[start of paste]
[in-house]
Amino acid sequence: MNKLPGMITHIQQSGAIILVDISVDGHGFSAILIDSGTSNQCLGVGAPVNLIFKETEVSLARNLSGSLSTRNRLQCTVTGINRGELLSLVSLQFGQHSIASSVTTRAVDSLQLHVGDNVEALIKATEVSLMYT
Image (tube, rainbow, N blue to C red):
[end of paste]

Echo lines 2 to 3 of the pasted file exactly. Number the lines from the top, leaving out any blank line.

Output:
Amino acid sequence: MNKLPGMITHIQQSGAIILVDISVDGHGFSAILIDSGTSNQCLGVGAPVNLIFKETEVSLARNLSGSLSTRNRLQCTVTGINRGELLSLVSLQFGQHSIASSVTTRAVDSLQLHVGDNVEALIKATEVSLMYT
Image (tube, rainbow, N blue to C red):